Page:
Your spine consists of 24 individual vertebrae stacked on top of each other. Flexible cushions called “discs” live between each set of vertebra. A disc is made up of two basic parts. The inner disc, called the “nucleus” is like a ball of jelly about the size of a marble. This jelly is held in place by the outer part of the disc called the “annulus,” which is wrapped around the inner nucleus,
much like a ribbon wrapping around your finger. The term “thoracic disc lesion” means that one or more of the 12 discs in the center section of your spine has been damaged.
Disc problems start when the outer fibers of the disc become strained or frayed. If enough fibers become frayed, the disc weakens and when compressed, may “bulge” like a weak spot on an inner tube. If more fibers are damaged, the nucleus of the disc may “herniate” out of the disc.
Surprisingly, thoracic disc bulges are present without any symptoms in almost half of the adult population. Disc bulges that cause pain commonly occur in the neck or lower back but are relatively infrequent in the thoracic spine – accounting for less than 1% of all symptomatic disc problems. The condition is most common between the ages of 40 and 60. Certain occupations or activities place you at greater risk, especially physically demanding activities that involve repetitive twisting, awkward postures.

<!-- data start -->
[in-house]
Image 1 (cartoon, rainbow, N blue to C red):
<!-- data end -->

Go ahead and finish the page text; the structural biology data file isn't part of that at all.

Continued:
Pain can range from dull, localized discomfort to sharp, radiating pain. Your symptoms may change unpredictably. If the disc bulge is bad enough to compress your nerve, you could experience sharp, burning, or shooting pain in a band-like distribution around your rib cage. Thoracic disc herniations commonly mimick other conditions like heart or lung problems. Be sure to let our office know if you notice chest pressure; shortness of breath; pain radiating into your arm, face, or jaw; pain with deep breathing; clumsiness; loss of bowel or bladder control; unexplained weight loss; night sweats; pain that awakens you at night; fever; indigestion; nausea; flu-like symptoms or if you notice a rash following the margin of one of your ribs.
You should avoid excessive bed rest while recovering. Researchers have shown that disc bulges may be successfully managed with exercise and conservative care, like the type we will provide.